Stop talking, start listening. Can tweaking your approach help clinch the deal? Picture the scene: it’s late in your fiscal year and you’re in the final stages of negotiating a big sale. If you land this one, you will exceed your annual sales target by 25 percent and your bonus will double. No doubt about it – you want this one.
Then comes the bad news. To do the deal, the client wants a major concession that will erode the profitability of the transaction and set a bad precedent. You thought you handled this objection earlier and put it aside, but you were wrong. What now?
Here are five common negotiation mistakes salespeople make (not listed in order of importance), and what to do about them:
- Selling a product instead of meeting needs.
This is one of the most common mistakes we see. Every industry has a set of products and/or services to sell. But what too many salespeople overlook is that these products or services are created to address a need or want. If you want to sell the product, make sure you know what need it fills. You may have the most intriguing product on the planet, but if it doesn’t meet the prospect’s need, good luck. Focus first on their needs, and build a bridge from there. And if you discover that you can’t fill the need, move on. Trying to force a mismatch is a sure way to waste everyone’s time.
- Acting on untested assumptions about buying behaviour.
Assumptions are a key topic of conversation between us and our clients. Everyone makes assumptions all the time about the reasons behind other people’s behaviour. Making an assumption isn’t the problem – not testing the assumption is. Your sales strategy is guided by what you believe motivates your prospect. If you’ve misjudged the prospect’s “drivers” because you didn’t test your belief about why they did or did not respond to something you said or did in the sales process, the odds are high that you won’t make the sale. The solution is simple (but not necessarily easy): be a little more curious, a little more humble, and ask instead of assuming.
- Too few questions and not enough listening.
This mistake feeds directly from the previous one, but there’s more to this problem than untested assumptions. Many salespeople are extroverts and love to talk. But when you’re talking, you’re not learning. It’s hard to sell if you don’t know why someone’s buying, so ask. Ask short, open-ended questions like, “Can you say more about that?” or “What’s the concern?” or “Can you help me understand more about…” Then be quiet and listen. Get curious, ask clarifying questions. Focus on understanding and summarise what you think they said. By the time you’re done, you’ll know so much about them you’ll have enough information for five years’ worth of business.
- Addressing the prospect’s position instead of their underlying interests.
This mistake is at the core of almost any negotiation or sales error. First, some definitions. A “position” is what someone says they want. It is their stated request or demand. An “interest” is the underlying motivator or reason behind the stated request or demand. For example, a prospect may ask for a 15 percent discount (their position). As the salesperson, we naturally assume they’re asking because they think our product or service is too expensive. But if we asked, we might discover they actually think it is fairly priced. The reason they asked for the discount is because they have a limited budget this quarter but they’d prefer to buy it all now instead of later. Once you identify the real reason for the request, many solutions emerge. One option is to sell it all to them now at the full price, but spread the billing over two quarters. Had you not gotten below the position, your response might have been to start by offering a five percent discount and hope to meet them halfway at ten percent. This would have cost you and still not have addressed their real need. This mistake can cost businesses millions of dollars and countless hours of wasted time and energy.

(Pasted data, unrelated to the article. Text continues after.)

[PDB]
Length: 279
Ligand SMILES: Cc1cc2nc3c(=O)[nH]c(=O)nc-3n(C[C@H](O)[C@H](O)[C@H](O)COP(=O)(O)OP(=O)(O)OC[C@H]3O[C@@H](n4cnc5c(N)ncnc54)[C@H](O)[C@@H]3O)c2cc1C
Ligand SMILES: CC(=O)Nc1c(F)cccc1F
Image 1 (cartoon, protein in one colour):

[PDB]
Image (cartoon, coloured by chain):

- Negotiating against yourself with unilateral concessions.
Many clients seem to forget a simple premise: business (and life) is a two-way street. In sustainable relationships, reciprocity must exist. To get, you have to give. Often – because of our eagerness to land the deal – we offer incentives and concessions, without being asked. Then, if the prospect still isn’t biting, we keep offering more in the hope that at some point we’ll go far enough to secure the sale. If I’m a buyer and you’re selling to me like this, why would I ever stop you? Don’t get me wrong, I’m not saying never to make concessions, but there’s a time and place and you should be getting something for it. If you make a concession, ask for something in exchange. For example, ask for a tentative commitment (in sales lingo: a trial close). “If I am able to make this concession, would that be sufficient to close the deal?” or “If I can give you this concession, will you sign a two-year contract instead of one-year?”. At the end of the day, if your prospect isn’t interested in making it a win/win, maybe you shouldn’t be doing business with them.
Peter Hiddema is founder and CEO of Common Outlook Consulting Inc and a Visiting Professor of Decision Sciences at INSEAD.